The Uganda government insisted, it will maintain a tight grip on social-media sites as it attempts to deal with the post election security situation.
Kampala authorities said they were still analyzing the situation and sites will be restored on “a case-by-case basis,” according to Information, Communication and Technology and National Guidance Minister of State Peter Ogwang.
The Internet cables in Uganda were plugged out just hours before the election day. Uganda closed social-media sites and blocked access to the internet on the eve of presidential elections on January 14.
Access to the internet was restored on January 18.
The government said it will maintain its shutdown of Facebook, Twitter and other social-media platforms until the government deems they’re safe from being used to inflame tensions, reported state owned New Vision newspaper.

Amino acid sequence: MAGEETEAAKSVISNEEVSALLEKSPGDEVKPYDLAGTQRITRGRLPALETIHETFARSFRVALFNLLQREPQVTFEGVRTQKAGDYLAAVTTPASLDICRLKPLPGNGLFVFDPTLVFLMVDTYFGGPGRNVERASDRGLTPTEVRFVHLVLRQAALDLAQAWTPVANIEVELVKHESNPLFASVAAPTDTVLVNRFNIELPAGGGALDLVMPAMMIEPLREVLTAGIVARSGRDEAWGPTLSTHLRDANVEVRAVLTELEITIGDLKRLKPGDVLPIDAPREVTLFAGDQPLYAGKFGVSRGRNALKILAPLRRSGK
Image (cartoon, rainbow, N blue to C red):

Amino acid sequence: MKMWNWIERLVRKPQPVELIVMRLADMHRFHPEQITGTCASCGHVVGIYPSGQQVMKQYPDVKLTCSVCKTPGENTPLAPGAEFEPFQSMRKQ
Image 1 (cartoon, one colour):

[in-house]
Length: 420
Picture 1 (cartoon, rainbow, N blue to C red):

Meanwhile, the opposition which lost to incumbent President Yoweri Museveni, have also swept the parliamentary seats for constituencies within the central region including the Mayor of the Capital Kampala.
However, for former presidential candidate in the just concluded presidential elections, Gen Henry Tumukunde, says the option of going to court to challenge the victory of NRM presidential candidate Museveni is still on the table.
Across opposition strongholds in Kampala, the reaction to President Museveni’s contested re-election has been muted, with his rival’s supporters too fearful — or dispirited — to take to the streets.
Analysts say, this could be the reason why government will maintain a grip on the internet until the anger in the opposition camp is over. The military is largely present and in-charge of security within the capital city which is also the main opposition stronghold.